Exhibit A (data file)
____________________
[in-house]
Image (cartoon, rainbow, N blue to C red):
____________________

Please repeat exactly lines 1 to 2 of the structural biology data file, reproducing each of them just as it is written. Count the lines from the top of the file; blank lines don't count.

[in-house]
Image (cartoon, rainbow, N blue to C red):